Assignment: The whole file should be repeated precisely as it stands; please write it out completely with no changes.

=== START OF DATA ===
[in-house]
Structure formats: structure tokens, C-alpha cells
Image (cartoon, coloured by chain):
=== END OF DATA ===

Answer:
[in-house]
Structure formats: structure tokens, C-alpha cells
Image (cartoon, coloured by chain):